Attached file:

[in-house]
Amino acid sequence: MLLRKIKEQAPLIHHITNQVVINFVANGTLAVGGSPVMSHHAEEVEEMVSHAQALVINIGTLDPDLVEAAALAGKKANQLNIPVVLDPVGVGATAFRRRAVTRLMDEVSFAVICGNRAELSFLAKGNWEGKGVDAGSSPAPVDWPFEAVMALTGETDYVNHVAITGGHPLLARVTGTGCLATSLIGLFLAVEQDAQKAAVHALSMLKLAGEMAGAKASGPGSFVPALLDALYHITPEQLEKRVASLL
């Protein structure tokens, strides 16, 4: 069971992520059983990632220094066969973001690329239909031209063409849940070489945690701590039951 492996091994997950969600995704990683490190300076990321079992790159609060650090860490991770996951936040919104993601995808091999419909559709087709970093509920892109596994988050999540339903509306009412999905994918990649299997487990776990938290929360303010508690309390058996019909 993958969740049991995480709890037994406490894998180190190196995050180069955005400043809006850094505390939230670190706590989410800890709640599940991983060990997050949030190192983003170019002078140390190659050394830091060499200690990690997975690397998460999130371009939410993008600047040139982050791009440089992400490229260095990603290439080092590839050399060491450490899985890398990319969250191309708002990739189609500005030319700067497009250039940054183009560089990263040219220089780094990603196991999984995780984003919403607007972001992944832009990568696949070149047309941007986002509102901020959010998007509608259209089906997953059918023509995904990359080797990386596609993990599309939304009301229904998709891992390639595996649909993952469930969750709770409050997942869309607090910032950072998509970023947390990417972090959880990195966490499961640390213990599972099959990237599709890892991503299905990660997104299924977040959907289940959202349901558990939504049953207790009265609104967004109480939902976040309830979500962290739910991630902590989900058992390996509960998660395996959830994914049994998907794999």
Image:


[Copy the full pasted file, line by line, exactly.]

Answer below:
[in-house]
Amino acid sequence: MLLRKIKEQAPLIHHITNQVVINFVANGTLAVGGSPVMSHHAEEVEEMVSHAQALVINIGTLDPDLVEAAALAGKKANQLNIPVVLDPVGVGATAFRRRAVTRLMDEVSFAVICGNRAELSFLAKGNWEGKGVDAGSSPAPVDWPFEAVMALTGETDYVNHVAITGGHPLLARVTGTGCLATSLIGLFLAVEQDAQKAAVHALSMLKLAGEMAGAKASGPGSFVPALLDALYHITPEQLEKRVASLL
């Protein structure tokens, strides 16, 4: 069971992520059983990632220094066969973001690329239909031209063409849940070489945690701590039951 492996091994997950969600995704990683490190300076990321079992790159609060650090860490991770996951936040919104993601995808091999419909559709087709970093509920892109596994988050999540339903509306009412999905994918990649299997487990776990938290929360303010508690309390058996019909 993958969740049991995480709890037994406490894998180190190196995050180069955005400043809006850094505390939230670190706590989410800890709640599940991983060990997050949030190192983003170019002078140390190659050394830091060499200690990690997975690397998460999130371009939410993008600047040139982050791009440089992400490229260095990603290439080092590839050399060491450490899985890398990319969250191309708002990739189609500005030319700067497009250039940054183009560089990263040219220089780094990603196991999984995780984003919403607007972001992944832009990568696949070149047309941007986002509102901020959010998007509608259209089906997953059918023509995904990359080797990386596609993990599309939304009301229904998709891992390639595996649909993952469930969750709770409050997942869309607090910032950072998509970023947390990417972090959880990195966490499961640390213990599972099959990237599709890892991503299905990660997104299924977040959907289940959202349901558990939504049953207790009265609104967004109480939902976040309830979500962290739910991630902590989900058992390996509960998660395996959830994914049994998907794999």
Image: